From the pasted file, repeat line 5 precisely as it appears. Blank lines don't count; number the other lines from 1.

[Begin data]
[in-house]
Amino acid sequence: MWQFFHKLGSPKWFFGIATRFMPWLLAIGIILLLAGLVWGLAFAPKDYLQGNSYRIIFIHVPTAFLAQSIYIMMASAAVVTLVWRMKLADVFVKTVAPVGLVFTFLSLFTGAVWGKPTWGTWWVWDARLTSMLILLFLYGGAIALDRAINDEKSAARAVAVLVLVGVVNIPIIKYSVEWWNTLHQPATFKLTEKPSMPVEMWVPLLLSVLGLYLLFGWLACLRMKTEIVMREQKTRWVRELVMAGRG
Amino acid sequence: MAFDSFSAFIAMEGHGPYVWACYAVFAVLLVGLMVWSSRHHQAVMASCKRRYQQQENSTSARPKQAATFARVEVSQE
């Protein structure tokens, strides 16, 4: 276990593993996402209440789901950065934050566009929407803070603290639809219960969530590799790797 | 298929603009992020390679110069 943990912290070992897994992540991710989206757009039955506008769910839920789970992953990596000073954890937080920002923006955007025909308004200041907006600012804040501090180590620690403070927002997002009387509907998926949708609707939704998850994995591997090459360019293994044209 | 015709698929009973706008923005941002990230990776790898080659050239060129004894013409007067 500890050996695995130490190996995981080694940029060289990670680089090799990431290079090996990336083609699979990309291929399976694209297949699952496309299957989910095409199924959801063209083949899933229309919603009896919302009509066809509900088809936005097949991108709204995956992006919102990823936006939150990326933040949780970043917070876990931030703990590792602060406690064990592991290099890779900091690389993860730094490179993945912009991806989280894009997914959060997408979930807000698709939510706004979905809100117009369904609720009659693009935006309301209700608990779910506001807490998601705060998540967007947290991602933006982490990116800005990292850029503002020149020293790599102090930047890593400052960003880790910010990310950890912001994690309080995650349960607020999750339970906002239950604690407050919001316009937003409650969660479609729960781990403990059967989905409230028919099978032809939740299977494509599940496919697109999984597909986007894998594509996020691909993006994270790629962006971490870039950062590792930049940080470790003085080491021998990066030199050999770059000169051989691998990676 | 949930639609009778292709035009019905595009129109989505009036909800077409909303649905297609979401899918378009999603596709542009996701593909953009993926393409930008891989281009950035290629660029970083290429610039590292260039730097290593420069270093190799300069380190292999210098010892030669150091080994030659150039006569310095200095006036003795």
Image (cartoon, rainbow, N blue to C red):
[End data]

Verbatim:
Image (cartoon, rainbow, N blue to C red):